Computer science student Manpreet Singh is from the state of Punjab, one of India’s most northern states and the heart of the country’s Sikh community. At New York Tech, he practices Sikhism at the campus’ Think SIKH club on the Long Island campus, where members share and bring awareness to the culture and teachings of the social justice- and community service-focused religion.
But when he is not participating with the club in local Sikh temple food drives or fundraising for Khalsa Aid, a disaster relief nonprofit, Singh seeks real-world experience and inspiration for his future career in the information technology (IT) field.
His latest skill-building undertaking was the epitome of both as it took him across the country this past summer to New Mexico’s Los Alamos National Laboratory (LANL), a federally funded research and development center for the National Nuclear Security Administration of the U.S. Department of Energy—and home of the Manhattan Project.
Singh had been working as a student research assistant for Assistant Professor of Physics Chinmoy Bhattacharjee, Ph.D., who encouraged him to apply for the laboratory’s student employment position. The timing was serendipitous. In July 2023, moviegoers viewed Oppenheimer, the blockbuster film chronicling the work of J. Robert Oppenheimer as he led a team of physicists at LANL in designing and creating the World War II-era atomic bomb.
At the lab, Singh ran simulations on inertial confinement fusion (ICF) in the X Computational Physics department. While the Manhattan Project centered around fission, or splitting atoms, ICF deals with the opposite process—fusion.
ICF creates energy through nuclear fusion reactions (two light atomic nuclei merging to form one single heavier nucleus and releasing energy in the process). Energy is deposited in the outer layers of targets that are filled with fuel, usually forms of hydrogen. These layers then explode outward, producing shockwaves that travel through the target. The shockwaves compress and heat the target, and sufficiently powerful shockwaves generate ICF.
One of two major branches of fusion energy research, ICF is studied and tested at LANL to understand when and how to contain and control such fusion reactions effectively, according to Singh. Reinforcing those experiments with different conditions on how shockwaves behave—like in different density gradients, for example—will aid in gaining more knowledge on when and where fuel is burning efficiently.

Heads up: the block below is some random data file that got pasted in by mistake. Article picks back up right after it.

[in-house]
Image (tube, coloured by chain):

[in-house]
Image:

“Having more knowledge of ICF plays an essential role in gaining use of this more efficient source of energy,” Singh says. “We are testing and discovering different approaches to managing ICF reactions.”
Considering the negative consequences of the widespread use of fossil fuel energy, like water and air pollution, deforestation, and climate change, Singh says there is hope for ICF to eventually be developed as a sustainable energy source for conversion into nationwide power grid electricity.
During the two months he spent at LANL, Singh observed and interacted with several researchers working on potentially revolutionary and effective progress related to scientific technology for the future environment. He worked closest with research scientist David Stark, who served as his supervisor and mentor and was "an invaluable guide and inspiration."
Being around such bright minds and high-level science sparked a flame within Singh, who, thanks to the lab, has newfound confidence in his IT skills and ability to succeed in the field. Back on campus, he is motivated to expand his research and interests within computer science, and he is currently exploring his options to study astrophysics and the aerospace industry.
With his dream of becoming successful as a cybersecurity engineer, Singh plans to earn a master’s degree in computer science so he may one day work in communications and information security and defense.